This year marks the quadricentennial (1611-2011) of the University of Sto. Tomas, the oldest university in Asia and my daughter Cheska’s college but, in Camarines Norte, it marks a different milestone – the 400th year foundation anniversary of the three parishes of Daet, Paracale and Vinzons. Although all these towns were founded by Franciscan missionaries in 1581, it was only in 1611 when permanent parish priests were assigned. I, together with events organizer Bernard Supetran, travel blogger Mark Vincent Nunez and mediamen Mr. Joselito “Lito” Cinco and Ms. Kara Santos, were invited to cover quadricentennial activities in these towns as well as one of the province’s top tourist draws – the Calaguas Islands.
We all met up at Starbucks in Magallanes Village in Makati City where our transportation and our hosts, Mr. Amable Miranda and Roufel “Raffy” de Vera of the Provincial Tourism Office awaited us. We left the place by 5:30 PM and the 350-km. long-haul drive took all of 8 hrs., including stopovers for toilet breaks and dinner at a Chowking outlet in Quezon, snatching sleep in between.
I awoke at our final destination – Bagasbas Lighthouse Resort set right along Daet’s famed piece of surfing heaven. It was 2 AM and we all decided to continue our sleep at the resort, Kara at her very own Trailer Room (a container van converted into a comfortable hotel room) and us guys in two, twin-sharing airconditioned de luxe rooms equipped with 32” cable TV, minibar, tea maker and in-room safe.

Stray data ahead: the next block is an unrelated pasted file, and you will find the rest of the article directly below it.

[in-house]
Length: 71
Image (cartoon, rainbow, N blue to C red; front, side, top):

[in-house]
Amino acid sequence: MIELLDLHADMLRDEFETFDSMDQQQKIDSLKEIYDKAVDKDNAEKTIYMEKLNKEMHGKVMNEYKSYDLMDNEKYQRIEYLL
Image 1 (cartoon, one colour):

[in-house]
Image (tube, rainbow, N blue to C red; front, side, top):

Morning dawned to the sound of Bagasbas’ famous waves, also ideal for skimboarding and kiteboarding aside from the usual surfing. The resort caters to all these activities as well as sea kayaking and island hopping but, with our limited time, we were not here to indulge in these activities. After a Filipino breakfast at Catherine’s, the resort’s F&B outlet, we were picked up by Amable and Raffy to visit Bagasbas Park and the First Rizal Monument (unveiled on December 30, 1898) then meet up with Atty. Debbee Francisco, the Provincial Tourism Officer designate, at the Provincial Capitol as well as visit the Bulawan Museum with its collection of old photos, portraits of past governors, busts of local heroes, family heirloom pieces, numismatic collection and paintings.
From Daet, we moved on to Paracale where we were to attend its Pabirik Festival which showcases the rich mining industry of the town (the pabirik is a tool used in gold mining) which started when a large gold mine was discovered here in 1626. Locals here still pan for gold. In fact, the town’s name was derived from para cale, meaning “canal digger.”
The festival coincides with the feast of Our Lady of Candles (Nuestra Senora del Candelaria), the town’s patroness and, as such, her statue is borne by most participating contingents in the street dancing competition, together with cardboard or wood replicas of the gold panning trade. The town’s Church of Our Lady of Candles was reconstructed between 1888 and 1898 under the direction of Fr. Jose Cardenoso, the last Spanish priest to serve the parish.